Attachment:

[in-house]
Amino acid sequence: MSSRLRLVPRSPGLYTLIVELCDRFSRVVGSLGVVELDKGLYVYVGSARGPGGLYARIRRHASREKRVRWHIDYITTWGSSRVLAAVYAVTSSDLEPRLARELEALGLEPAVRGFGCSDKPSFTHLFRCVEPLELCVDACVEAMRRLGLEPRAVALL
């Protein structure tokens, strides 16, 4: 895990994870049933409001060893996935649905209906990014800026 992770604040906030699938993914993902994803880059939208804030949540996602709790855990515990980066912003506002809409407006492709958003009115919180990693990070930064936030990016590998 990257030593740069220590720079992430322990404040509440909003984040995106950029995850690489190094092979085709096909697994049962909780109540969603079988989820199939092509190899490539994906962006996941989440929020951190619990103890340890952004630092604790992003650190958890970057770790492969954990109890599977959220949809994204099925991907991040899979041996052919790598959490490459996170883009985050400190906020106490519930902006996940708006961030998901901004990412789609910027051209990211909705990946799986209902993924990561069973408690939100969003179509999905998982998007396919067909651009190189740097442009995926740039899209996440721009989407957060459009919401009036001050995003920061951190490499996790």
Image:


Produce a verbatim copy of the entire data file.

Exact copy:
[in-house]
Amino acid sequence: MSSRLRLVPRSPGLYTLIVELCDRFSRVVGSLGVVELDKGLYVYVGSARGPGGLYARIRRHASREKRVRWHIDYITTWGSSRVLAAVYAVTSSDLEPRLARELEALGLEPAVRGFGCSDKPSFTHLFRCVEPLELCVDACVEAMRRLGLEPRAVALL
């Protein structure tokens, strides 16, 4: 895990994870049933409001060893996935649905209906990014800026 992770604040906030699938993914993902994803880059939208804030949540996602709790855990515990980066912003506002809409407006492709958003009115919180990693990070930064936030990016590998 990257030593740069220590720079992430322990404040509440909003984040995106950029995850690489190094092979085709096909697994049962909780109540969603079988989820199939092509190899490539994906962006996941989440929020951190619990103890340890952004630092604790992003650190958890970057770790492969954990109890599977959220949809994204099925991907991040899979041996052919790598959490490459996170883009985050400190906020106490519930902006996940708006961030998901901004990412789609910027051209990211909705990946799986209902993924990561069973408690939100969003179509999905998982998007396919067909651009190189740097442009995926740039899209996440721009989407957060459009919401009036001050995003920061951190490499996790």
Image: